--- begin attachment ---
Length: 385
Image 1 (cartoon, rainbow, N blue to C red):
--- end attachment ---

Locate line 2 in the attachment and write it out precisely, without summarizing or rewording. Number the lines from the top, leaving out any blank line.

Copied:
Image 1 (cartoon, rainbow, N blue to C red):